The most obvious game to assign, then, was Myst, which arguably meets all three criteria and is readily available from a range of services. The final list was, in the order assigned: Planescape: Torment, Pharaoh, Fallout, Descent, Myst, Commander Keen, Ultima IV, King’s Quest I-III, Space Quest I, and Zork I: The Underground Empire. I freely admit that this list tends to reflect my research interests, but such instructor privilege is present in most survey course structures. The relative success of each game with the students is a topic for later discussion, but I maintain that the criteria for inclusion remain reasonable and useful for future attempts to construct a canon for the teaching of games as text.

In addition to being required to play each of these titles for about three hours, students were required to read a diverse selection of academic articles on video games (provided either by weblinks or PDFs on the course’s private website). They were required to write four papers of increasing complexity and a brief blog post every week reflecting on their gameplay experiences; it was, after all, a writing course, but these exercises also were intended to foster critical thought about the games.

Overall, I want to label the course a success, but only because the problems that I encountered (which I will discuss in detail in the third installment) were exactly the same problems that I have encountered using a more traditional literature-based curriculum. This means that the course succeeded in getting students to see games as texts on the same level that they see more traditional literary texts; whether or not we actually want students to see games through that same lens, given student animosity and apathy toward canonical literature, is another matter entirely. In my next three posts, I will assess the course and its value as a model for future courses and approaches to games as text in detail. My next post look at the course’s successes and the advantages of treating games as historical texts.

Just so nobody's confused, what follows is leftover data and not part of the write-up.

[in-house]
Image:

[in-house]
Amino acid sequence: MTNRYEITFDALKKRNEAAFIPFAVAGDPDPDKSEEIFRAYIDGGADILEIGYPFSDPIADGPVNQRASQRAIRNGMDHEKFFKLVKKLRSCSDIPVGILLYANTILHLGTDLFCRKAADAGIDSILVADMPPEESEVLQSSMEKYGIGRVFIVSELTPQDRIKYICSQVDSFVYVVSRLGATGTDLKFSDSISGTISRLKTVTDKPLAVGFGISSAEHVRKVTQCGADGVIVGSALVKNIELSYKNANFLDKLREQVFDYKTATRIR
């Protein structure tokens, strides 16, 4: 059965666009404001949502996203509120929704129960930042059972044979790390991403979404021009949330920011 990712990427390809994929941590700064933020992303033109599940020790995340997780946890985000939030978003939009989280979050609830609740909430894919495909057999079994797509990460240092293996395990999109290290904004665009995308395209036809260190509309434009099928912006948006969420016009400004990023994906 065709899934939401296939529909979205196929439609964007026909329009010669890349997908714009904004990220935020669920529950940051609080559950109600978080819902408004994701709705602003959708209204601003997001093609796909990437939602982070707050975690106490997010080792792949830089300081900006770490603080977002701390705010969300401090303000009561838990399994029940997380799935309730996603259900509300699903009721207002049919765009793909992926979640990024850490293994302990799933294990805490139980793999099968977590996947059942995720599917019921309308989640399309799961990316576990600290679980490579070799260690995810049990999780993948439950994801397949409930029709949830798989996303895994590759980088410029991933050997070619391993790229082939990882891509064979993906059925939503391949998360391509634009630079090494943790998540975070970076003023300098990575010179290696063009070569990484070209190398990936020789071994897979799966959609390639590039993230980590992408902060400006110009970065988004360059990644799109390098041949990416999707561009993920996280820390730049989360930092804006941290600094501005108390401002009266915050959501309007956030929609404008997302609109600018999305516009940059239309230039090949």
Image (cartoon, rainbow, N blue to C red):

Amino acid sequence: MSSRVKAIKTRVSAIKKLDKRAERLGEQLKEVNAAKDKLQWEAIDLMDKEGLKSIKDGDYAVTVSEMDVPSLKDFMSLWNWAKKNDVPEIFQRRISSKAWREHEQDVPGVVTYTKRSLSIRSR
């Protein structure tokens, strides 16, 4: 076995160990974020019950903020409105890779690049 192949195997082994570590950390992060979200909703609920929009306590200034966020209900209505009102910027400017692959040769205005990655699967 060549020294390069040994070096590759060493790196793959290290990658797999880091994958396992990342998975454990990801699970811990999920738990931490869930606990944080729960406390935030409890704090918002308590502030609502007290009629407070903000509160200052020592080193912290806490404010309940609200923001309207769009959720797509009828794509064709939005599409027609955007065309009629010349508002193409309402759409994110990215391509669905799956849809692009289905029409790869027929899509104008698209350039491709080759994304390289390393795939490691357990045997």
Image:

1. Oooh, sounds cool! The idea of a Norton Anthology of PC games is kind of neat, hadn’t thought of that before, but it’s a good idea. Looking forward to the rest of the series.

    (Although the “play each game for three hours” – while understandable, given course loads – probably underserves a lot of these games pretty badly. As does excerpting written fiction too, I guess.)

  2. Excellent post, particularly your description of key decisions and practical problem-solving. Here at Indiana University of Pennsylvania, we’re about to implement a sub-curriculum in our English BA program that will include video game studies and link with Communications Media, Art, and Theatre. I’d love to explore your syllabus, lesson plans, and learning activities. And I’d be keen to hear about the kinds of institutional negotiations you’ve had to pull off to make your course happen.

    1. Author

      Mike, I’m now very interested in how the University of Pennsylvania is implementing this program!

      I’m pleased to say that the English department at the University of Arkansas is very supportive of graduate students who want to develop curriculum. My course was approved through a “special topics” program that has been in place for a while and is designed to facilitate this kind of experimentation. It’s really a win-win situation for everyone. We need a lot of Composition II sections every spring because we have a large body of undergraduates and it’s a required course for nearly everyone; graduate students need experience developing curricula in preparation for the job market and beyond; and undergrads get a chance to explore a possibly unexpected topic more deeply while fulfilling their core requirements.

      1. Hi, Angela,

        Saw your Twitter post. Yes, yes, yes–very interested in teaching materials and, further on, discussion of curricular vision.

        My e-mail: msell@iup.edu